At least seventy-five percent of the waiters in the greater LA area are acting wannabes. I didn’t say struggling actors, because they make up the other twenty-five percent. They’re the ones who actually land parts and get paid. We wannabes haven’t yet landed a paying part; we just keep trying and getting rejected. We’re a tough lot, though. That’s what my mother says. My father calls us immature naïve jerks who don’t know what it means to get a job. Thankfully he’s back in Terra Haute.

The Tuscany was a good land for me—upscale clientele. The cuisine is mostly Northern Italian, some French, and always with a California twist. The few times I actually had the opportunity to serve French tourists, I noticed whispered comments I couldn’t understand because they were in French. They always gave me polite smiles, left their meals largely untouched. The tips were under ten percent. The untouched meals gave away their dissatisfaction. I knew the tips had nothing to do with the food, Europeans don’t understand the tipping custom in the US, as I suppose we don’t understand theirs. But, if a local leaves anything under twenty percent, that would mean a bad meal, or worst yet, bad service.

I began noticing in the past month or so that business had fallen off. My tips were still in the right range, but the number of meals I served each evening was down by at least twenty-five percent. The owner’s standard line never changed. “My restaurant is recession proof. I cater to the Hollywood elite!” It was true that occasionally a minor actor would grace us, but I have never seen anyone of true fame even drive by, let alone come in to eat or have a drink. If anything, the clientele had become a bit less sophisticated—seedy, at least by Hollywood standards. My supposition was that both trends were due to the killer of all upscale establishments: a new head chef. Since all the wannabe actors I met worked in this business, most off-acting conversations centered around what usually killed the dining traffic. The general consensus was changing the head chef. Patrons would accept a hike in prices as long at the food remained at the quality and style to which they were accustomed. The genius our owner, the man who currently controls my life, changed the head chef, changed the menu, and raised prices. The coffin is not nailed shut, but only a few more spikes are needed to finish the job. I need to land a part that might make up the twenty-five percent and I need good tips from the growing downtrend of customer quality. My finances are on the edge.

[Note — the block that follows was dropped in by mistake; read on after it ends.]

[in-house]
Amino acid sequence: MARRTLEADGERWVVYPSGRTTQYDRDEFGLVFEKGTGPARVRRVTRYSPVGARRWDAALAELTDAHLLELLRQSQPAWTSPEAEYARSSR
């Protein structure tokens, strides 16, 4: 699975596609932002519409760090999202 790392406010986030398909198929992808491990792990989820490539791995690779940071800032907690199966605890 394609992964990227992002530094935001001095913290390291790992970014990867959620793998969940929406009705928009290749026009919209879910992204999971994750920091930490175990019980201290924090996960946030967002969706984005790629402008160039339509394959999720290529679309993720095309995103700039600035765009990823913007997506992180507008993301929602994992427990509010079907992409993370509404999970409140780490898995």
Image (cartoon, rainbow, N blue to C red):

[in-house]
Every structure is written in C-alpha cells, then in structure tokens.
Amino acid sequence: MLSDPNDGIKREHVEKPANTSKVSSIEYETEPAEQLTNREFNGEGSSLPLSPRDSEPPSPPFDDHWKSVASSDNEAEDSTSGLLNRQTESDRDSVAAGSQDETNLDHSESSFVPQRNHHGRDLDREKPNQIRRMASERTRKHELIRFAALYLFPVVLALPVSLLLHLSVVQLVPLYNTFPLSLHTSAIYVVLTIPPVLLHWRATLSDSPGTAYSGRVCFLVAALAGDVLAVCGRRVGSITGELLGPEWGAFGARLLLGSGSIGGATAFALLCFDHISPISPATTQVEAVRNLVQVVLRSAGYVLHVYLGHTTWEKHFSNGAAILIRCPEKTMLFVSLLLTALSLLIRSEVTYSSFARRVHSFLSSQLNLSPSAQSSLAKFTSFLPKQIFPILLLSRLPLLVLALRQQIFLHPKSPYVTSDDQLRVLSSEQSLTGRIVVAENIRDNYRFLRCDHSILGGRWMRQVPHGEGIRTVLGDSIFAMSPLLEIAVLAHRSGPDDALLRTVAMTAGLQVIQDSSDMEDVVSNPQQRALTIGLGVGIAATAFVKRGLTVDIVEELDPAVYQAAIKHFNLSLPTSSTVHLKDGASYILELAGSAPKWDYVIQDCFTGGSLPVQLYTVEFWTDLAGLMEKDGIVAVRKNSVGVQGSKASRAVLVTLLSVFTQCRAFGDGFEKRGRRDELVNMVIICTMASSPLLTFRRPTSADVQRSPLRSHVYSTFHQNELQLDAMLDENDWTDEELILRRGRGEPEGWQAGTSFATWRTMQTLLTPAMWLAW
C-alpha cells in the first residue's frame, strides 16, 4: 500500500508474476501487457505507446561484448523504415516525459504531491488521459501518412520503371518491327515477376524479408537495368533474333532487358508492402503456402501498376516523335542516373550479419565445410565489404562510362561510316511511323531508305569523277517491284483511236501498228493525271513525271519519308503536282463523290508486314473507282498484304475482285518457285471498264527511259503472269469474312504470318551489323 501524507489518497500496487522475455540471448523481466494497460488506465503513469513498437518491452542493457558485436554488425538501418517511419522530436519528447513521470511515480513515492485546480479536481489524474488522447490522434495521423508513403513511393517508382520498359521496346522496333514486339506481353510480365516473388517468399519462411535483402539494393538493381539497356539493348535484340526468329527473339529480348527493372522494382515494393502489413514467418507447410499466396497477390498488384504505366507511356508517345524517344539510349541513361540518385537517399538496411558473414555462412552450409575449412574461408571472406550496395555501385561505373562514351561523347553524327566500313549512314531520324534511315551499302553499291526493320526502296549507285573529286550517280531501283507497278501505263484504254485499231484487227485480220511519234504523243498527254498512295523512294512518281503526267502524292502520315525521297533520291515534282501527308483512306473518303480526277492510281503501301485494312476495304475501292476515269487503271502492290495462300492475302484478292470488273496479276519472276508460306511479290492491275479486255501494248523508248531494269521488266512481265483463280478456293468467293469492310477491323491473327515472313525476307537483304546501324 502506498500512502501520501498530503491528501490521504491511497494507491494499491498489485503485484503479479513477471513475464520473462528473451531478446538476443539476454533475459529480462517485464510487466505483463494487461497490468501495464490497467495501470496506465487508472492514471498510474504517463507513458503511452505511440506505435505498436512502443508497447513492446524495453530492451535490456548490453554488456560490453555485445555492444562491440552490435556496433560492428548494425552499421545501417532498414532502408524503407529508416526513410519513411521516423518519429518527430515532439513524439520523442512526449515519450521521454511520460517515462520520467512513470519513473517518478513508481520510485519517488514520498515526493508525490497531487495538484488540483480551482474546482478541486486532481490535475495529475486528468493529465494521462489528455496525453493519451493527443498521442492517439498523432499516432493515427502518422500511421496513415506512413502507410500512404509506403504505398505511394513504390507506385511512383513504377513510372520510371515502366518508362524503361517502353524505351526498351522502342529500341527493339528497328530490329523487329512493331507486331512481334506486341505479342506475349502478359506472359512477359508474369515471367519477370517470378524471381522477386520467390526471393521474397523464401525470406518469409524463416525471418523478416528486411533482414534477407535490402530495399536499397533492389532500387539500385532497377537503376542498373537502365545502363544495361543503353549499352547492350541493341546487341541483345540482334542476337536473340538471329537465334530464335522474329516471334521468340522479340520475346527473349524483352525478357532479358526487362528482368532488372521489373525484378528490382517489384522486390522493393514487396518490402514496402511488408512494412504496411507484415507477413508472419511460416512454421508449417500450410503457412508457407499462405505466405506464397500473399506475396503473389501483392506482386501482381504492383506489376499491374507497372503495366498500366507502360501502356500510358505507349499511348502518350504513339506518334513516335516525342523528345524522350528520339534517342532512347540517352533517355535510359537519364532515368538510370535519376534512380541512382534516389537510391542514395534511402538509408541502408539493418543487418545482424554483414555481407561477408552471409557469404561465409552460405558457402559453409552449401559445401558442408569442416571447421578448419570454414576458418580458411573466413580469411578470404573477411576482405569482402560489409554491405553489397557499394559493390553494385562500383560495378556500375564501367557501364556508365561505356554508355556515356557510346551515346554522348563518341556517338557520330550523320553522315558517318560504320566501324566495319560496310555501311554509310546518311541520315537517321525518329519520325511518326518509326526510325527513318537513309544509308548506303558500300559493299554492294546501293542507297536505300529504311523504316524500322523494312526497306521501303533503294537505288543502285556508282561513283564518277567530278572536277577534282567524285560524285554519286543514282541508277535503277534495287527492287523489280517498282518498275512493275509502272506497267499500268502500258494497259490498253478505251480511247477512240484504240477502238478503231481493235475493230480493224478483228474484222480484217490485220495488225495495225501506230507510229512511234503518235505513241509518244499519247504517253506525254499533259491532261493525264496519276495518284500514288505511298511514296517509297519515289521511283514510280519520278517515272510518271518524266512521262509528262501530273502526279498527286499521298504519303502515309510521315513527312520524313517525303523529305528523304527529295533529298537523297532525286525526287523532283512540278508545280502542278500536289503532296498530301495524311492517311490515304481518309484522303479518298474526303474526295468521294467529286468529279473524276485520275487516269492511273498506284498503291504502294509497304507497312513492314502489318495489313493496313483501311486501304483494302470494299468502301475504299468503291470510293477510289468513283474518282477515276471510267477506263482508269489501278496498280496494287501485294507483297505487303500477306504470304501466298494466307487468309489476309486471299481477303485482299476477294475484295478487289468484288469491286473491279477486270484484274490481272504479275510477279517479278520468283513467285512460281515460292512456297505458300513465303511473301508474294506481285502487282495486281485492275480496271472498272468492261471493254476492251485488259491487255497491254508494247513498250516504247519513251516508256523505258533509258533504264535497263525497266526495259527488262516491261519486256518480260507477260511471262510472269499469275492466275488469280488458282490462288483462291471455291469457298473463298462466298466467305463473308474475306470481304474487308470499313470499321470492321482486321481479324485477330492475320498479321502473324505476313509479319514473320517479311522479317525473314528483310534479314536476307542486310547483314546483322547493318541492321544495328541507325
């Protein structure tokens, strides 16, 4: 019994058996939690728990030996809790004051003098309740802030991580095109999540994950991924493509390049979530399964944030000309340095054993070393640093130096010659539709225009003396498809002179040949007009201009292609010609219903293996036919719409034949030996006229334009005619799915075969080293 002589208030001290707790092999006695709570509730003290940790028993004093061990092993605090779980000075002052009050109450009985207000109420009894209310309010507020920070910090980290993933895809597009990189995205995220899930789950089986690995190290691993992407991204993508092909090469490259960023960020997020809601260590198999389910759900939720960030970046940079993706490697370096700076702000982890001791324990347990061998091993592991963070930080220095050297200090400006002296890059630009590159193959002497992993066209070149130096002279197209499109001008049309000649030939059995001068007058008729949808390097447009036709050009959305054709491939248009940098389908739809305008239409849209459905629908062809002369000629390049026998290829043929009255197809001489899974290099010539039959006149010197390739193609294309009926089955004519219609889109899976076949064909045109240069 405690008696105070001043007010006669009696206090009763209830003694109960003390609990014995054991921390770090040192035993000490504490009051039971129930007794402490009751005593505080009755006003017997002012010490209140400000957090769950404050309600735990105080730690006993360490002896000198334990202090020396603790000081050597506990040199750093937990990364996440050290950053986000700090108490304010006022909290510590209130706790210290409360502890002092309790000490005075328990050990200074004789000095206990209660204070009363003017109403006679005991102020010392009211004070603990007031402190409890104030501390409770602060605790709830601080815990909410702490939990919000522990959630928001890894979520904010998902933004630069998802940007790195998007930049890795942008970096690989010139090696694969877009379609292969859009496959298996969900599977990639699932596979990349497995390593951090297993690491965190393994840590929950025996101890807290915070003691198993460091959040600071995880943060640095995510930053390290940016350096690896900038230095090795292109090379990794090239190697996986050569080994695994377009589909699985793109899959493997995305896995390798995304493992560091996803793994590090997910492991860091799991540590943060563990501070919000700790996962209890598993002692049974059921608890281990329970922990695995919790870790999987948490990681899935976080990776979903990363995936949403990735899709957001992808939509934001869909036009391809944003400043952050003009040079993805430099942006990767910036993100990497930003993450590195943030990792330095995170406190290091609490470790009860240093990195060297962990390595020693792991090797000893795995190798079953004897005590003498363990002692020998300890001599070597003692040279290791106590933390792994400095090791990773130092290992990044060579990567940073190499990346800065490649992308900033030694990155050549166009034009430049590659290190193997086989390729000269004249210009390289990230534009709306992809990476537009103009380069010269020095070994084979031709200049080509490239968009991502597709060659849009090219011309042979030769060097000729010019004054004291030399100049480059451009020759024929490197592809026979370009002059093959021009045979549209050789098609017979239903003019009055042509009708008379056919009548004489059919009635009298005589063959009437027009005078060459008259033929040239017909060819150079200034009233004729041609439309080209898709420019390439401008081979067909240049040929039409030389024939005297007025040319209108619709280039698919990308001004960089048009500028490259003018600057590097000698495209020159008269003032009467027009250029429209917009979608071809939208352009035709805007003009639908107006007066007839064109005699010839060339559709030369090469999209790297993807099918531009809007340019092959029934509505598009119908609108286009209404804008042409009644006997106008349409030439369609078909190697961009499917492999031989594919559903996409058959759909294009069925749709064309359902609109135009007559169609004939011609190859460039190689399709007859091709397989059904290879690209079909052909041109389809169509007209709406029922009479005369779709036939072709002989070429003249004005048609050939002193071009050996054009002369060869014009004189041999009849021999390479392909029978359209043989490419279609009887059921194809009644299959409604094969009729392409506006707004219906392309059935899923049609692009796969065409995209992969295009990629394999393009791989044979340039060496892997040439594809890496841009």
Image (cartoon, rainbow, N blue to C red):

It is a Thursday night—usually a good night for dining out. When I arrive for my shift the dining room is already two thirds full—a very good sign. Sitting at table three, my first party, is one man, reading a trade magazine of some kind. He looks to be in his thirties. He has dark, slightly over-moussed hair and a fashionable day old shadow-beard. Fully half the men in his age group have a shadow. His outfit contains different degrees of white and off-white, all in varying stages of needing dry cleaning and ironing. If this guy were sitting in a Terra Haute steak house, everyone would stare. Here, in SoCal, he fits right in. But he doesn’t look like a twenty percent guy.

“Good evening. May I start you off with something to drink?”

“Got any specials?”

I figured the guy was either very hungry, or in a hurry. “Here is our main menu, and—”

“Yeah, I read the one posted next to the door. What’re your specials?”

“Yes, well we have a Tuscany grilled chicken breast bathed in a—?

“I hate chicken, what else?”

“We have a wonderful Veal Marsala, prepared in the traditional—”

“Forget the sales pitch, I’ll have the veal.”